The U.S. IT industry matured considerably as it moved throughrepparttar 1990s. More and more workers acquired new skills in computer and communication technologies and heavy investment in IT led to a period of economic growth and acceleration of labor productivity. Labor productivity in manufacturing hadrepparttar 138002 highest growth with 4% per year between 1990 and 2003 followed by non-financial corporations with 2.8%. Productivity in business rose by 2.4% each year duringrepparttar 138003 same period.

Information Technology Industry Growth Beyond 2000

The second half ofrepparttar 138004 20th century was characterized byrepparttar 138005 dynamic growth of computers. The 21st century will see technologies merge and computing take on a different scenario at all levels and particular also inrepparttar 138006 home. Today,repparttar 138007 U.S. economy and national security are fully dependent on information technology and atrepparttar 138008 core ofrepparttar 138009 information infrastructure isrepparttar 138010 Internet

Byrepparttar 138011 end ofrepparttar 138012 20th century there were more than 100 fixed telephone lines per 100 inhabitants inrepparttar 138013 United States. Mobile phone penetration was nearing 60% and Internet penetration 70%. As we moved intorepparttar 138014 21st century third generation networks brought new applications for mobile phone users andrepparttar 138015 number of mobile phones fostered byrepparttar 138016 increase in sales of smart phones will surpass that of fixed lines phones before long.

Close two-thirds ofrepparttar 138017 Nation is now online. Use of broadband is rapidly expanding and according to U.S. Department of Commerce projections business-to-business e-commerce may exceed 500 billion in 2005. In 2003, ofrepparttar 138018 high-speed lines offered by providers 64% were from Cable TV operations, 32% from telephone companies, andrepparttar 138019 remaining 4% were from various other providers such as DSL and telephone company high-speed services.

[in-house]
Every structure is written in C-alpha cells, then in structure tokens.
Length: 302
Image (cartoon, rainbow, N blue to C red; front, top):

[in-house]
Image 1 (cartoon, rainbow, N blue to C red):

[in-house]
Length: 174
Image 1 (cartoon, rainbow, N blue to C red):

The digital home concept - devices inrepparttar 138020 home sharing digital media across a home network - has been around for some time. Interoperability of devices connected torepparttar 138021 home network has still to be improved to allow seamless operation and access before application of this concept will take off. Recent projections, however, show home networking growing steadily at an average annual rate of more than 25% between 2005 and 2010 and smart devices and smart networks will connect everything and everyone inrepparttar 138022 near future. The U.S. Information Technology Industry Page 3

Miniaturization andrepparttar 138023 need to increase computing power have been drivingrepparttar 138024 IT industry since its infancy, makingrepparttar 138025 technology affordable for almost everyone. This drive to innovate is ongoing and will give us a new generations of microprocessors, which are ten-times faster as today's, and memory chips with 40 timesrepparttar 138026 storage capacity, grid computing and high productivity computing (network embedded and cognitive computing systems), photonics, nanotechnologies, optoelectronics, and new chip designs and fabrication methods.

Molecular electronics (nanotechnology) is expected to solve some ofrepparttar 138027 problems and information overload we are facing today in computing and telecommunications and in fields such as medicine and energy. Application of this technology has recently been seen in flat-panel displays and is projected to be utilized by sensors, optical components, laser, memory and other logic devices inrepparttar 138028 next 5 to 10 years.

Research & development promoting innovation is sponsored byrepparttar 138029 United States Government andrepparttar 138030 IT industry. The networking and information technology research and development budget request for 2005 for all U.S. Government agencies was $2,147 million. Total information technology industry R&D is an estimated $29,100 million.

To orderrepparttar 138031 comprehensive U.S. IT Industry Statistics Report: Call 001-202-626-574 or contact amccormick@itic.org. For a detailed report contents description log on to http://www.itic.org/statistics.

Helga F. Sayadian is Vice President, Industry Statistics Programs of Information Technology Industry Council (Formerly CBEMA) in Washington, DC. The Information Technology Industry Council (ITI) is a Washington-based trade association representing the leading U.S. providers of information technology (IT) products and services. www.itic.org